Leftfield

I can still remember the cassette that my Brother handed me in the early nineties. It was a TDK D90 and on it was a copy of Leftfield’s ‘Leftism‘. Somehow, probably becasue I didn’t have that many albums at the time (and certainly nothing like that) it became branded into my head. It permeated my brain and stayed there. I know that album back-to-front and it still stands to me as one of the greatest testaments to electronic music that was ever made. Deep, energetic, dubby, rhythmic and ever so slightly dark. From the diffused come-down of ‘Melt’ to the punky snarls of John Lydon in ‘Open Up’; Leftism preemptively spanned an entire genre before the genre even properly existed.

Then finally, after an agonising wait, ‘Rhythm and Stealth‘ thundered into view to an exultant but critical audience. Electronic music had changed since Leftism and the clubs were ruled by spotty self-assured pill munchers who bathed in the disposable glory of Ibiza. People expected something else. But the purists knew the true longitudinal value of the experimentalist approach to this album.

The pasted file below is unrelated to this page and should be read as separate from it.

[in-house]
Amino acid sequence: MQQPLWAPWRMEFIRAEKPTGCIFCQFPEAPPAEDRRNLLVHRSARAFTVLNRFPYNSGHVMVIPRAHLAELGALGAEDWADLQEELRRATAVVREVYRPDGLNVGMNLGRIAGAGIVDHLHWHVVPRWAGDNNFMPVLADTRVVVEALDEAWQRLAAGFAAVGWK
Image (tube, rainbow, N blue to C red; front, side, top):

Slowly but surely I hear of people mentioning that they have rediscovered it – Perhaps highlighting the fact the Leftfield have always been miles ahead of the game. I often wonder what would have happend if Paul Daley and Neil Barnes would have stayed together as the band and made another album. In a way, I’m glad they didn’t. Heart aching as it is, I think they would have sealed a fate similar to Underworld if they had. Instead, they will float gracefully and respectfully into electronic music history.

Just before they do though, here’s the track ‘Swords’ taken from ‘Rhythm and Stealth’:

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